A toddler died after his father force-fed him a mixture of cereal and bread - causing his lungs to fill with the substance and drowning him in his food, a court heard.
The three-year-old was allegedly regularly made to lie across his father's lap as his cheeks were pinched together and the porridge-like mixture poured into his mouth from a cup.
But in November last year, the youngster returned home from nursery to be fed for the last time, the Old Bailey in London heard.
His 32-year-old father, from north-west London, who cannot be named for legal reasons, is charged with manslaughter and cruelty to a child.
Jurors heard that, after being forced to eat, the toddler sometimes vomited and "the defendant would become angry, and slap him or send him to bed." But on one occasion it went "terribly wrong", said prosecutor Simon Denison QC.
He said that, on November 27 last year, the defendant called for an ambulance and paramedics arrived to find the child lying on the floor in a nappy, showing no signs of life.
Mr Denison said: "There was a very large amount of vomit that looked like a porridge substance on his face and on his chest.
"It was very difficult to clear his airway because of the amount of porridge-like substance that was in his throat. When CPR was attempted, more of the substance came out."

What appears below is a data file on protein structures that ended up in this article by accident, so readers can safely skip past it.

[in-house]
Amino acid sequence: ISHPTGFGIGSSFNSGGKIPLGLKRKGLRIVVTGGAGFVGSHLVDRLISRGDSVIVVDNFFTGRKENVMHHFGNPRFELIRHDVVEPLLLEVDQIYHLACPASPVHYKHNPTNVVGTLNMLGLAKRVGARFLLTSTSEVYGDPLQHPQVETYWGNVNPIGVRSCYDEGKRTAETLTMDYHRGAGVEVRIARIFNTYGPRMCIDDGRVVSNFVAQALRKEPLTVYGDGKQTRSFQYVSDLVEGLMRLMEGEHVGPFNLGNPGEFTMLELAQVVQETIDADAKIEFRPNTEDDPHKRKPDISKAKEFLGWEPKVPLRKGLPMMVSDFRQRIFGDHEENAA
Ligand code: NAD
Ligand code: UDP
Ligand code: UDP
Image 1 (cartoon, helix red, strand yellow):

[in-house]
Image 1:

He continued: "A post-mortem examination revealed that virtually all sections of his lungs were stuffed with recognisable food material.
"He had aspirated, inhaled, breathed in, a large amount of the porridge-like mix into his lungs so that he had, in effect, drowned in his food."
Jurors were told the youngster would be fed a blended mixture of bread, milk, Weetabix and oats - with rice pudding or spaghetti sometimes being added.
"It is alleged that because of the way the youngster would have been laid across his father's lap, he would not have been able to lean forward and cough up any food that went down the wrong way."
Mr Denison said: "His distress would have been obvious as he kicked and wriggled to try and free himself, and, he being a large three-year-old boy, it would have taken force to restrain him.
"But then as more food went into his airways and into his lungs, he would have been unable to breathe, and he would have gone limp and lost consciousness, with food blocking his lungs and his upper and lower airways."
The defendant denies the charges.